Whether they’re inspiring guerrilla gardening or grappling with governments, the academics at City University London’s Centre for Food Policy have one goal: to make food and everything associated with bringing it to our plates part of the national and international consciousness. Nicky Evans meets the three crusaders who consistently set the global food policy agenda and who have spent more than two decades hammering home the message that food matters.
The town of Todmorden, in West Yorkshire, is a town in bloom. Herbs sprout from the train station platform, fertile plots in the church cemetery double as raised beds and ears of corn wave in the breeze outside the police station. Wherever there's a stretch of unused public land, there's food - and it's all free to anyone passing by. The vegetables were the first stage in a multi-faceted project masterminded by activist Pam Warhurst. Tired of waiting for local government to rescue her town's dying market and flagging high street, she came up with an idea to use the common language of food to bring her community together, branding it Incredible Edible.
"I'd had enough of waiting for others to do something," explains Warhurst. "I wanted to see what we could do to help people rethink the way they live and the future environment they want for their children."
I decided to put food at the heart of community, learning and business and motivate people to create change for themselves.
What started as guerrilla gardening became a phenomenon that rejuvenated the town and its inhabitants. Warhurst encouraged allcomers to bring their individual skills to the project, with designers creating placards to describe the food on offer, green-fingered locals, helping children to grow vegetables and keen cooks turning leftover produce into dishes to sell in the market. Once established, it went further, obtaining lottery funding for a 'food hub' at the town's high school and developing donated land into greenfield sites. So far, this resounding success story has inspired more than 200 similar initiatives in Britain and worldwide.
Warhurst credits Professor Tim Lang, Professor of Food Policy at City's Centre for Food Policy (CFP), as the inspiration behind Incredible Edible. "In 2007, I heard Tim remind us about the plight of the planet and future generations and I just thought, 'Right, that's it'. I made the whole thing up on the train home and it launched the following year."
A broad remit
Although inspiring grass-roots projects in English market towns is not the bread and butter of the CFP, the fact that it played a part in the origins of Incredible Edible comes as no surprise, considering the breadth and scale of the Centre's reach. Since moving to City in
2002, Professors Tim Lang and Martin Caraher and Dr David Barling have become major players in UK-based and international food policy conversations, sitting on advisory boards; working with government, industry and NGOs to establish policy frameworks; and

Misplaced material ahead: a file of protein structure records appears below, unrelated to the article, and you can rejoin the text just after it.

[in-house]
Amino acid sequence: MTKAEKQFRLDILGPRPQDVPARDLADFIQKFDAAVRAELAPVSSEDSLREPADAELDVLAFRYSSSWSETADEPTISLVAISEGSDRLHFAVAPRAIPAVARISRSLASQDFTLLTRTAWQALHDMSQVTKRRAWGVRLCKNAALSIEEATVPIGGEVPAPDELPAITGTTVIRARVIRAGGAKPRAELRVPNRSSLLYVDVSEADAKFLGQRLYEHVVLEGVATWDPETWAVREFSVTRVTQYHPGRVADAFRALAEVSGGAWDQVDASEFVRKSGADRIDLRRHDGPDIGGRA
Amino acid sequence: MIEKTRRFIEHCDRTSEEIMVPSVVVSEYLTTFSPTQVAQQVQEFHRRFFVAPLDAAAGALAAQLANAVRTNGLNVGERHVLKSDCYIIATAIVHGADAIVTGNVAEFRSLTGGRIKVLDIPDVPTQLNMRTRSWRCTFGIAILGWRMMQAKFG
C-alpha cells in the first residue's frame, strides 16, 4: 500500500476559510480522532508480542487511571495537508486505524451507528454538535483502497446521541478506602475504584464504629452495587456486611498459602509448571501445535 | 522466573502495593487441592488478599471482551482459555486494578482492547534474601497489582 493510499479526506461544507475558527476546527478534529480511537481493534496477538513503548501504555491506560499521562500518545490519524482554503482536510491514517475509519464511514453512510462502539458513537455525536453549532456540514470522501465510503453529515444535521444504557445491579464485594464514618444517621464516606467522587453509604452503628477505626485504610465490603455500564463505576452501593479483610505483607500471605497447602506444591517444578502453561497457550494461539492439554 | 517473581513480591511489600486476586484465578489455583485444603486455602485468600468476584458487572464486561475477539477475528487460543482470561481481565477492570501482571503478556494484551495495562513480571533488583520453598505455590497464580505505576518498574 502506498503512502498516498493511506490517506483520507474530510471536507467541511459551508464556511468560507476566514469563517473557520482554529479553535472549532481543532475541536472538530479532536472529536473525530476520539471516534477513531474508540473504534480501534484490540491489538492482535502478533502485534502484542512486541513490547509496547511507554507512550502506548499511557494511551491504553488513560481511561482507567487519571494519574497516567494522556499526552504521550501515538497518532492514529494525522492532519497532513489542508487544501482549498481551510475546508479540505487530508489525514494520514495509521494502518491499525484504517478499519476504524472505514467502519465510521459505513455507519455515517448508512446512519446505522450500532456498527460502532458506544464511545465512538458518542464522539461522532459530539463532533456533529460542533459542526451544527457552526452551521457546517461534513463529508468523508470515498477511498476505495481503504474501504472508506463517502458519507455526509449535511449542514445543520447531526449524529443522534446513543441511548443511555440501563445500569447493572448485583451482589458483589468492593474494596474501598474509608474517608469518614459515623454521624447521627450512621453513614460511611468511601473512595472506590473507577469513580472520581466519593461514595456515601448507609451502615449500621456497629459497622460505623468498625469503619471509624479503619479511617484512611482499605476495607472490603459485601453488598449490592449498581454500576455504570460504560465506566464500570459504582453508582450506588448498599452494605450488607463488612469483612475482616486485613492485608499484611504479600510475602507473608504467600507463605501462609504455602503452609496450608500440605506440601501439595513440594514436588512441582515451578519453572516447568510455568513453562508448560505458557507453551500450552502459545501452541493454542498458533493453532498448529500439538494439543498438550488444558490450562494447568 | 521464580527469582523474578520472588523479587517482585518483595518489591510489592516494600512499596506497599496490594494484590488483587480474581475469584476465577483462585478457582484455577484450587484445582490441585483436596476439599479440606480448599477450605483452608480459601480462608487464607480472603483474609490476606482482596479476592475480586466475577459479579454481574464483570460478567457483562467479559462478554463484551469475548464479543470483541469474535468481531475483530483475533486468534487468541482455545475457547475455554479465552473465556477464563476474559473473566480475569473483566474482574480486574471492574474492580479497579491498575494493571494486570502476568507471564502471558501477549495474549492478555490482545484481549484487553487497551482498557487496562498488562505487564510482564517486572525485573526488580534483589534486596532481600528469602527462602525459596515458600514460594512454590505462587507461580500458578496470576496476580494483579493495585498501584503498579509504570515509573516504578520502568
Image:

giving speeches about their research at international conferences. Their manifesto is ecological public health: looking at the food chain in its broadest sense and the impact each aspect has on public health and the environment.
"We are traditional academics trying to explore what a good food system is and holding up a mirror to society to ask, 'Is this what you want?'", says Lang. What this means in practice is that whenever there's a food and public health story - be it the fallout from last year's horsemeat scandal, chef Jamie Oliver's crusade to improve school dinners, debates about the quality of hospital food, childhood obesity and even edible towns in Yorkshire - the CFP's academics are likely to have been involved. They are also likely to be barraged by media requests for quotes and analysis: when the horsemeat scandal hit the papers, Lang conducted 70 interviews in just six weeks.
Over the last decade, the Centre has brought in nearly £1 million of research grants for work that illustrates both the scope and complexity of the food policy tapestry and the challenges we face.
Caraher has dedicated much of his career to children's health, including research around school meals and cooking in schools; the start of this year saw him author a report addressing childhood obesity, which mapped the fast-food outlets around two secondary
schools in Tower Hamlets.
Barling, meanwhile, explores food governance policies, covering issues from supply-chain management and traceability to food waste. He is currently involved in three pan-European projects including SENSE, which helps small and medium-sized food businesses assess and improve their environmental impact.
Lang is perhaps best known for his research into food security and sustainability; his 'food miles' concept - the CO2 produced by food travelling from farm to plate - drew widespread media attention in 2005 and has evolved into his current concern: sustainable diets.
"How do we eat food that is good for our health and the environment?" asks Lang. "Current government advice is to eat two portions of fish a week. Where is that fish coming from? We are told to eat five portions of fruit and vegetables a day, but we should be eating at least seven if we want to see mortality figures drop. We need to reassess land use to stop our fruit and vegetables being shipped from across the world."
All this energy and expertise has been harnessed time and again by government departments, NGOs, charities and campaign groups - from Lang's stint as a consultant to the World Health Organisation to Caraher's work alongside the Department of Health
and Barling's role as a council member of the campaigning charity Sustain. It all adds up to a lot of fingers in a lot of policy-flavoured pies.
There are only three of us but we are noisy - we have an impact bigger than our sum
That impact and influence can be seen all around us. Take the Cabinet Office Food Matters report, which was put firmly on the public's agenda by the Centre's academics in 2008. The first attempt at an integrated food policy since the Second World War, it was a document that offered practical solutions to the challenges posed by core food policy issues, including rising food prices, food waste and diet-related ill health. The report would go on to inform the Department for Environment, Food & Rural Affairs' Food 2030 strategy, which aimed to address the long-term sustainability of the UK's food system.